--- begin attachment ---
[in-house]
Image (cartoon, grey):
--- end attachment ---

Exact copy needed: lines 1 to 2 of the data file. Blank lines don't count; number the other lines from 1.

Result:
[in-house]
Image (cartoon, grey):